I believe a women’s F1 championship would give us the chance to achieve our dreams and compete on an equal footing— as in other sports. One day it will happen and it is the right thing to do.
They think because we are driving a car we are on the same level as men which is completely not true because we will never be the same as them. I have had to fight through many things to get to the top of this sport, just because I am a woman, and that is not fair.
From her comments about women versus men in 2015, the year she became part of the Lotus F1 development squad, via . Emphasis ours:
“Well, I think society has changed a lot in the last few decades,” Jorda told the official F1 website. “You see women in better jobs, managing to have careers of their own in areas that were deemed male for a long time. Nowadays you see women competing in their own championships in most sports: football, tennis, skiing – you name it – and in none of these championships are men and women competing against each other. So the question is: why not have a F1 world championship for women?”
The 26-year-old thinks there is still a negative image attached to female drivers in motor racing circles.
“When I was very young – I had only started racing in go-karts – I had a podium finish and the guy who ended in P3 started to cry. When they asked him why, he said it was because a girl beat him. That’s the reaction of men everywhere in racing – they try to push you down!”
When asked why more sponsors are not pushing for teams to take on a female driver, Jorda replied: “Because they all dream of winning, and they believe that a woman cannot win in F1. That’s why I think a female F1 championship would be the right answer. …”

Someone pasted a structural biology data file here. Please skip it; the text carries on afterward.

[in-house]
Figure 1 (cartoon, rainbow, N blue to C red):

Jorda, who thinks women cannot compete against men in motorsports, backed up her comments by recalling when she beat a boy in go-karts as a kid. As a reminder, she will represent other women on an international racing council.
In 2015, a male Sky Sports reporter, William Esler, asked Jorda if she thought there was a danger that a separate F1-like series for women would suggest that women can’t compete with men. She responded as such, emphasis ours:
It’s not a danger, but I really believe that there is a natural disadvantage between man and woman. That’s why in many other sports, men and women, they have separate championships. So I think physically, Formula One, sometimes people don’t realize, but that’s why drivers have to prepare themselves so much, because it’s a really physical sport.
So, from that, we get the idea that Jorda believes that women have a natural disadvantage in motorsports and that “drivers have to prepare themselves so much” for F1. There was no explanation from Jorda as to why she thinks a woman isn’t capable of preparing herself “so much.”
Everyone, meet Carmen Jorda. She’s the newest member of the FIA’s council to improve the participation of women in motorsports, with a say that now has the backing of a huge international sanctioning body that spans all kinds of racing disciplines, and she believes women cannot race against men.
This will make things go swimmingly for the rest of us.